82. ^ White, James (February 26, 2010). "Has Jolie Put a Bullet In Wanted 2?". Empire. Retrieved April 11, 2010.
  83. ^ MacLennan, Michael (February 27, 2010). "Mark Millar: Wanted 2 will go ahead without Angelina Jolie. Kristen Stewart is being considered for the role of Fox". STV. Retrieved April 11, 2010.
  84. ^ a b Toro, Gabe (June 18, 2012). "Timur Bekmambetov Says "Shocking" Sequel To 'Wanted' Will Follow James McAvoy's Wesley Gibson & Features A "Great Twist"". IndieWire. Retrieved June 22, 2014.
  85. ^ Sciretta, Peter (February 8, 2011). "Producer Jim Lemley Talks Abraham Lincoln: Vampire Hunter and 'Wanted 2". /Film. Retrieved February 8, 2011.
  86. ^ Tilly, Chris (April 14, 2011). "Exclusive: James McAvoy Talks Wanted 2". IGN. Retrieved July 25, 2011.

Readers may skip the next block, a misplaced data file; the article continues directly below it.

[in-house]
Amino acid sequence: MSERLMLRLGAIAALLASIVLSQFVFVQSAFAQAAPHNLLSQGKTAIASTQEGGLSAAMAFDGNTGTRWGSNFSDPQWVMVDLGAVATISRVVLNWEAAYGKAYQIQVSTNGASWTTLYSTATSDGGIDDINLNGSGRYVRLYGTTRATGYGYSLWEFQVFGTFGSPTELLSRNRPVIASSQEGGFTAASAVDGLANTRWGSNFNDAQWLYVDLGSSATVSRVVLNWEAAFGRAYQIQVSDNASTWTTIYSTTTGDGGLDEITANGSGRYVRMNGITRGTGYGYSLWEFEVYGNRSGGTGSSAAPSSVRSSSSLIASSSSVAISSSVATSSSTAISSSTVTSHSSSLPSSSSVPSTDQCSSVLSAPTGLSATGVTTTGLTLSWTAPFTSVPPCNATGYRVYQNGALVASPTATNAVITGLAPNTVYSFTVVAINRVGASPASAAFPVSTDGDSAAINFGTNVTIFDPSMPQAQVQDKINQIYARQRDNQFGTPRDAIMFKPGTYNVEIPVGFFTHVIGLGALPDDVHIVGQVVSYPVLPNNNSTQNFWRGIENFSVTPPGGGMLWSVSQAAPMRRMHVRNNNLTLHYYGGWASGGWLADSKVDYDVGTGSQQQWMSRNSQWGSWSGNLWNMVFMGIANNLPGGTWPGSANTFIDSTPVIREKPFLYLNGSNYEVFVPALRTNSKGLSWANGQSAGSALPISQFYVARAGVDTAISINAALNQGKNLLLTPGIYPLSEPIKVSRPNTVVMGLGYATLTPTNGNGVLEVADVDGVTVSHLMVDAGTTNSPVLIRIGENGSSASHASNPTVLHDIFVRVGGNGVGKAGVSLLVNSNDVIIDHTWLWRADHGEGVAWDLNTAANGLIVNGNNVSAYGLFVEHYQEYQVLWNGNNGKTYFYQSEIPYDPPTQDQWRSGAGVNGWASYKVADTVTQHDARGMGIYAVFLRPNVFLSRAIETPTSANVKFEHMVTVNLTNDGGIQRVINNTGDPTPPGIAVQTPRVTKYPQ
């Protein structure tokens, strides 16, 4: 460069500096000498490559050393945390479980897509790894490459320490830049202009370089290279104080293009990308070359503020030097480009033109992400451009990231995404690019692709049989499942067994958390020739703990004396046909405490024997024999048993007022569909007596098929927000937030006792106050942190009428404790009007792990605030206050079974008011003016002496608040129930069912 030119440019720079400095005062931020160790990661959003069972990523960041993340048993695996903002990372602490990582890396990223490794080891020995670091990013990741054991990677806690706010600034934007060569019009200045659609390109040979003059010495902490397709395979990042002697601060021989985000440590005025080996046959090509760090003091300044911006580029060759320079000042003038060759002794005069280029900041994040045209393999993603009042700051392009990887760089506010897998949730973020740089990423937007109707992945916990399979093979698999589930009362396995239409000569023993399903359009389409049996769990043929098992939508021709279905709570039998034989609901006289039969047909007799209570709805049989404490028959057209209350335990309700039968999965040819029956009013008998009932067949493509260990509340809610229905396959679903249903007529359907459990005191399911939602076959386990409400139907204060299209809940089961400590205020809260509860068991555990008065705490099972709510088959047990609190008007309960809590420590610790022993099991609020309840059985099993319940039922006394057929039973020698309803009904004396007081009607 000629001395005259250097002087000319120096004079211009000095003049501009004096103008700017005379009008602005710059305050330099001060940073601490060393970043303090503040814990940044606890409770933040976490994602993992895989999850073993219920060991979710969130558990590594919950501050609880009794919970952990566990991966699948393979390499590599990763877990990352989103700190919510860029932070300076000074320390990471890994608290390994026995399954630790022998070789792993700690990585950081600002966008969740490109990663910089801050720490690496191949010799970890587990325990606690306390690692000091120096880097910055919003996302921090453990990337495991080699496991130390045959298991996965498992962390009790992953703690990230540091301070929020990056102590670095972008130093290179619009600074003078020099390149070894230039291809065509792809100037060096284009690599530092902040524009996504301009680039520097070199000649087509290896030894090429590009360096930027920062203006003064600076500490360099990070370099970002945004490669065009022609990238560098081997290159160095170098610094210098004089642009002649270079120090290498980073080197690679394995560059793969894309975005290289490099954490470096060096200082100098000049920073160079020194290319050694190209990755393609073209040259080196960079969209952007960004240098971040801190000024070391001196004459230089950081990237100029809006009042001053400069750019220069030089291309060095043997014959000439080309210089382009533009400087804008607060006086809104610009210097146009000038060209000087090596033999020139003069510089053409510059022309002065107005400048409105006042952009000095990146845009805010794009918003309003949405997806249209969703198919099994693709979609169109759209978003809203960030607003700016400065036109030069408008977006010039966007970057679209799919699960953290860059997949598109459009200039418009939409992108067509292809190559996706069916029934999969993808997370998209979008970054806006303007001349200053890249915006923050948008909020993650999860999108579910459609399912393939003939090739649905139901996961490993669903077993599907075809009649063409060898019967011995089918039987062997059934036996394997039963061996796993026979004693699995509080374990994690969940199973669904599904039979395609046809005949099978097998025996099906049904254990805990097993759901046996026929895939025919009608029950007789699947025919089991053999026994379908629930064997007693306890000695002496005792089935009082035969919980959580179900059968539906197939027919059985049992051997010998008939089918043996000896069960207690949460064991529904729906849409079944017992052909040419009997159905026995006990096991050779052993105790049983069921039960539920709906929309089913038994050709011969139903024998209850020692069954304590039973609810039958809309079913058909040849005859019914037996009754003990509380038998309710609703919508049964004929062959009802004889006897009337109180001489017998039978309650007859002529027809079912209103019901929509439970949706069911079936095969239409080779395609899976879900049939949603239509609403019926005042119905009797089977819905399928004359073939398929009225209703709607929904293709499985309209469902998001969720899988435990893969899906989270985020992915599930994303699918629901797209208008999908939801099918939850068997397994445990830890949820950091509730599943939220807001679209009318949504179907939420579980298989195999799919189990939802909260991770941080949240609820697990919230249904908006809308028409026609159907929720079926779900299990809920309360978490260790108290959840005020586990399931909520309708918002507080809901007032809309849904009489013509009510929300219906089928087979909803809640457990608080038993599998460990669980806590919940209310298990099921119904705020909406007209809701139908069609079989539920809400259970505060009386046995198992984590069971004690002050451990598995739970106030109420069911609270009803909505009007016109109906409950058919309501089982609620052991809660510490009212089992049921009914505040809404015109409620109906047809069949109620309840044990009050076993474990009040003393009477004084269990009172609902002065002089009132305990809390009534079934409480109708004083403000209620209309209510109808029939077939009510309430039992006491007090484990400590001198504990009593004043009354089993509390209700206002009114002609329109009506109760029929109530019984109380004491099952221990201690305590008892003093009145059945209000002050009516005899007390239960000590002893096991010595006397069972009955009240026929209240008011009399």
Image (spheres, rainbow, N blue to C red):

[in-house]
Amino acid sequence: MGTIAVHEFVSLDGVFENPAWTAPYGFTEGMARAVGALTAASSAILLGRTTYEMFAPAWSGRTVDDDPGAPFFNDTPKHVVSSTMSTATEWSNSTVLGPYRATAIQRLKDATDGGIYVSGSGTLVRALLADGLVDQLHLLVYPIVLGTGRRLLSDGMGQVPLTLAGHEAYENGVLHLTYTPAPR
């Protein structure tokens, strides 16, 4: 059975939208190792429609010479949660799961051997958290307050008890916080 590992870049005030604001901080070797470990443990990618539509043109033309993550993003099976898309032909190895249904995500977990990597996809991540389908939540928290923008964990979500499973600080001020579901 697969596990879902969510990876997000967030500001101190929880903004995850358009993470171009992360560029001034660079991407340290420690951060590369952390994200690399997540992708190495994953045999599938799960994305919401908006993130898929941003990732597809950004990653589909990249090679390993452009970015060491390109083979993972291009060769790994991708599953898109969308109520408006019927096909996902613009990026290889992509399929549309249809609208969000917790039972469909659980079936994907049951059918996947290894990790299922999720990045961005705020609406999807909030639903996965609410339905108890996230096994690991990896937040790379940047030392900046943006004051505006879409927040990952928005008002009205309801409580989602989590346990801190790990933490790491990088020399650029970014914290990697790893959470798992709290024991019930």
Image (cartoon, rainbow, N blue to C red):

87. ^ "Wanted 2 Moving Forward Again?". Empireonline.com. September 28, 2011. Retrieved August 10, 2012.
  88. ^ Wales, George (October 24, 2012). "Screenwriter Derek Haas provides an update on Wanted 2". Total Film. Retrieved June 18, 2014.
  89. ^ Highfill, Samantha (March 29, 2013). "Catching up with James McAvoy on his big year, 'X-Men' and the possibility of a 'Wanted 2'". Entertainment Weekly. Archived from the original on June 16, 2013. Retrieved June 18, 2014.
  90. ^ X-Men Days of Future Past & Wanted 2 Interview - James McAvoy, Flicks and the City

External links[edit]